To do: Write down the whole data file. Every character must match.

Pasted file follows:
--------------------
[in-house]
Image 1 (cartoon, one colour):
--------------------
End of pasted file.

[in-house]
Image 1 (cartoon, one colour):